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This content will become publicly available on February 14, 2025

Title: Optimal decoding of neural dynamics occurs at mesoscale spatial and temporal resolutions

Understanding the neural code has been one of the central aims of neuroscience research for decades. Spikes are commonly referred to as the units of information transfer, but multi-unit activity (MUA) recordings are routinely analyzed in aggregate forms such as binned spike counts, peri-stimulus time histograms, firing rates, or population codes. Various forms of averaging also occur in the brain, from the spatial averaging of spikes within dendritic trees to their temporal averaging through synaptic dynamics. However, how these forms of averaging are related to each other or to the spatial and temporal units of information representation within the neural code has remained poorly understood.

Materials and methods

In this work we developed NeuroPixelHD, a symbolic hyperdimensional model of MUA, and used it to decode the spatial location and identity of static images shown ton= 9 mice in the Allen Institute Visual Coding—NeuroPixels dataset from large-scale MUA recordings. We parametrically varied the spatial and temporal resolutions of the MUA data provided to the model, and compared its resulting decoding accuracy.


For almost all subjects, we found 125ms temporal resolution to maximize decoding accuracy for both the spatial location of Gabor patches (81 classes for patches presented over a 9×9 grid) as well as the identity of natural images (118 classes corresponding to 118 images) across the whole brain. This optimal temporal resolution nevertheless varied greatly between different regions, followed a sensory-associate hierarchy, and was significantly modulated by the central frequency of theta-band oscillations across different regions. Spatially, the optimal resolution was at either of two mesoscale levels for almost all mice: the area level, where the spiking activity of all neurons within each brain area are combined, and the population level, where neuronal spikes within each area are combined across fast spiking (putatively inhibitory) and regular spiking (putatively excitatory) neurons, respectively. We also observed an expected interplay between optimal spatial and temporal resolutions, whereby increasing the amount of averaging across one dimension (space or time) decreases the amount of averaging that is optimal across the other dimension, and vice versa.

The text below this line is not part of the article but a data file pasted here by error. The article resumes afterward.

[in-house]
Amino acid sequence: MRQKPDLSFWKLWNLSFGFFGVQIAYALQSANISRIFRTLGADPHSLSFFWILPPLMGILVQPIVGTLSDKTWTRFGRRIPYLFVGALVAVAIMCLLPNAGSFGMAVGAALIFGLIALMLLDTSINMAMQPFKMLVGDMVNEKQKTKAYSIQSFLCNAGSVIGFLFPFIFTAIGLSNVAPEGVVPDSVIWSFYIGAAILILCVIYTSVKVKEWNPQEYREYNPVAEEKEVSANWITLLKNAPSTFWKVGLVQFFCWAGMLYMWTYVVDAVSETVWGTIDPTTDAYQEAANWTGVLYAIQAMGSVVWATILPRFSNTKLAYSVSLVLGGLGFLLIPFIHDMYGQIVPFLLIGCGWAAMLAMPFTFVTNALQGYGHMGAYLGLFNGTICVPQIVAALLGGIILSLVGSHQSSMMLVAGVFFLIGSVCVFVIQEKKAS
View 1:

Our findings corroborate existing empirical practices of spatiotemporal binning and averaging in MUA data analysis, and provide a rigorous computational framework for optimizing the level of such aggregations. Our findings can also synthesize these empirical practices with existing knowledge of the various sources of biological averaging in the brain into a new theory of neural information processing in which theunit of informationvaries dynamically based on neuronal signal and noise correlations across space and time.

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Award ID(s):
Author(s) / Creator(s):
; ; ;
Jonathan R. Whitlock
Publisher / Repository:
Frontiers Media SA
Date Published:
Journal Name:
Frontiers in Cellular Neuroscience
Subject(s) / Keyword(s):
neural code, multi-unit activity, averaging, spatial resolution, temporal resolution, hyper-dimensional computing, computational modeling, neural dynamics
Medium: X
Sponsoring Org:
National Science Foundation
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